Leading Article: America finds a rival for the next century

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IT IS disquieting to find out how thoroughly Chinese spies have penetrated America's nuclear research laboratories, as detailed yesterday in a report published by the US Congress. The Intelligence Oversight Committee has concluded that the Chinese have stolen details of nuclear warheads giving them the potential to build weapons, in the words of the report, "on a par" with those of the United States. Not only does this expose an almost inconceivably sloppy attitude to the protection of such important information, but the attempts of the Clinton administration to avoid its responsibility for this debacle also show how difficult the West now finds it to deal with an economically and politically resurgent China.

China is too big to fit comfortably into the tidy frame of the post-Cold War settlement. Since the collapse of the Soviet Union, world peace has relied on Uncle Sam being stronger than anyone who would go toe to toe with him.

Strategists always accepted that shocks - such as the present war over Kosovo - would shake the American hegemony. But the theory was that nothing would overturn it, because there was no longer any other superpower. With China's acquisition of the latest American technology, that assumption can no longer be so easily held.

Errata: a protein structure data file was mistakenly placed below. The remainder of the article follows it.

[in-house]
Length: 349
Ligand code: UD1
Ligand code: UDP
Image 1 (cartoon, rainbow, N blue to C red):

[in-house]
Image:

China worries the West because when she looks into the mirror she sees herself as a superpower, and wants to be treated as such. These desires must not be ignored. The Chinese regime is virulently nationalistic and has disputes with almost every one of the country's many neighbours. China is still occupying Tibet and parts of India after 30 years; she claims the minuscule Spratly Islands between Vietnam and Borneo; she periodically threatens the security and independence of Taiwan.

The Americans have not yet dropped their guard in East Asia. But they have wavered. When the Chinese military held manoeuvres off Taiwan in 1996, it was only the resolution of Congress that pushed Bill Clinton into sending aircraft carriers. When the spying imbroglio emerged two years ago, the Clinton administration was at first eager to pin the blame on those of Presidents Reagan and Bush and then made no effort to help the Intelligence Oversight Committee in its investigation. And all of this because China has become so economically important to America.

Washington needs no "security partnership" with Peking. Such a move would be wrong, given its militaristic rulers who oppress their people and show no desire to back down over their foreign adventures. Instead, America should face up to China by reaffirming its support for East Asian security. America will gain greater economic benefits and more improvements to human rights by standing upright rather than kowtowing before China. With China, the US must be fair but firm if the Pacific century is not to begin with a cold snap.